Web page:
10. An electrical connector assembly as recited in claim 1, wherein, the resilient contact portion is provided with a first bend adjacent to the base, and a second bend spaced along the contact from the first bend and from the curved back portion.
11. An electrical connector assembly as recited in claim 1, wherein, the resilient contact portion is bent between a curved back portion and an end of the contact portion to lessen an angle of the resilient contact portion with respect to an axis of the opening to reduce the amount of deflection of the resilient contact portion by an electrical contact of the complementary connector.
12. An electrical connector assembly as recited in claim 1, wherein, the bases have thickness planes, and the cavities are closed laterally of corresponding thickness planes of the bases.
13. An electrical connector assembly as recited in claim 1, wherein, projecting barbs extend laterally from corresponding side edges of the bases and the barbs penetrate into the insulative body when the cavities are closed upon corresponding bases.
14. An electrical connector assembly as recited in claim 1, wherein, a recess is in the insulative body, and a resistor in the recess is connected to the shell and to at least one of said contacts.
15. An electrical connector assembly as recited in claim 1, wherein an opening in a second end of the insulative body communicates with the passage, a ledge of the insulative body extends into the passage and extends between the opening and an end of said another of the contact portions, and the opening extends along the ledge.
16. An electrical connector assembly as recited in claim 15, wherein a corresponding contact portion projects toward and engages said another of the contact portions and is aligned with the opening, whereby a conductive contact of a complementary connector extending through the opening is supported against the ledge and deflects the corresponding contact portion away from said another of said contact portions.
17. An electrical connector assembly as recited in claim 15, wherein the ledge is between a doubled back portion of the corresponding contact portion and the end of said another contact portion.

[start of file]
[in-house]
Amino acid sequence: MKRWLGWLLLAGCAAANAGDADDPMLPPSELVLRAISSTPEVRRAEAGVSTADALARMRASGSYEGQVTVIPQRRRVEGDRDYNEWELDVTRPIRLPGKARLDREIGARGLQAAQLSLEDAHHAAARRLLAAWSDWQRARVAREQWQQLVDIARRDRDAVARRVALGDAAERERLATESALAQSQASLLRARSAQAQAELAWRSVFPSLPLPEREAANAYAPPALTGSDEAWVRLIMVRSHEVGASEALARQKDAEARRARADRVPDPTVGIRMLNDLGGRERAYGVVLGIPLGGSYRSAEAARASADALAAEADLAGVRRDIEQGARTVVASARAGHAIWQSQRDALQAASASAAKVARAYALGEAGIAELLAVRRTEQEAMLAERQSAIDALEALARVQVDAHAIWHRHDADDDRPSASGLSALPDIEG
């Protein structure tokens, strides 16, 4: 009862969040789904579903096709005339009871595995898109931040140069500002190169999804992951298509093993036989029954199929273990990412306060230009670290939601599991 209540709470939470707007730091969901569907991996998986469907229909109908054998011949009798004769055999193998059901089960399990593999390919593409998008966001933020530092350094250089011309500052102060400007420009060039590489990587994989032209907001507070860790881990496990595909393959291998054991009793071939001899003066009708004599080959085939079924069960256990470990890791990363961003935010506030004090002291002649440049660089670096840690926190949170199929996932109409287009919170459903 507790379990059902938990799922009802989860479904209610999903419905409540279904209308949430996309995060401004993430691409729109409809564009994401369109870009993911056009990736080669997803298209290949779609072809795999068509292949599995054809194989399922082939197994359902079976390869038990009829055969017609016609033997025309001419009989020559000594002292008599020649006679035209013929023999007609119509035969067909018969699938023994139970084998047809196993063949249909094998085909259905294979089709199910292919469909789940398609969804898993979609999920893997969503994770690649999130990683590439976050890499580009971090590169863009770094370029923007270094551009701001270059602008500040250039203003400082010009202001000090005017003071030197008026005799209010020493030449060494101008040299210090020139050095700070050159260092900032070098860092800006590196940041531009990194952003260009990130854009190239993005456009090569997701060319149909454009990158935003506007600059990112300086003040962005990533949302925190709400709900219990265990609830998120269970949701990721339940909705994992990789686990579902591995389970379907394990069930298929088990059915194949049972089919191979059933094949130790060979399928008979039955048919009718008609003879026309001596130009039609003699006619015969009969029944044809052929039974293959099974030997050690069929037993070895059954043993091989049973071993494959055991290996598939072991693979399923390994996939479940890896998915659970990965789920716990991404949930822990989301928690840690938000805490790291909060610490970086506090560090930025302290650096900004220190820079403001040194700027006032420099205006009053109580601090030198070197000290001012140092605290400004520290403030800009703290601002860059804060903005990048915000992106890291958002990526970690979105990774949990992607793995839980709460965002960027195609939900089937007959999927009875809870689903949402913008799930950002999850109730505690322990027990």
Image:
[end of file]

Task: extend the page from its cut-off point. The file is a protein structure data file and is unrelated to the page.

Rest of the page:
Description
FIELD OF THE INVENTION

The invention relates to an electrical connector assembly and, more particularly, to an electrical connector assembly with electrical contacts retained within a passage of an insulative body.

BACKGROUND OF THE INVENTION

An assembly of an insulative body and electrical contacts can be accomplished by an injection moulding apparatus. The apparatus includes moulding dies that close against each other and enclose a cavity that is partially in both dies. An internal shape of the cavity forms a fluent insulative substance to a desired external shape of the body. The apparatus holds the contacts stationary, as the fluent substance is injected into the cavity, and as the substance flows to surround the contacts, and as the substance become solidified to form the insulative body. The stationary electrical contacts become imbedded in the solidified substance. If cavities are desired in the solidified substance, devices known as core pins project into the cavity as the fluent substance is injected and as the substance is solidified while surrounding the core pins. Following solidification of the substance, the core pins must be withdrawn, the moulding dies must be opened by being separated from each other, and the assembly of the insulative body and the contacts must be ejected from the apparatus. A disadvantage of injection moulding is attributed to; difficulty in assembly of the contacts in the moulding apparatus, difficulty in maintaining the contacts stationary, obstruction to flow the fluent substance because the contacts are obstructions in the moulding cavity, and difficulty in avoiding damage to the contacts upon withdrawing the contacts from the moulding apparatus.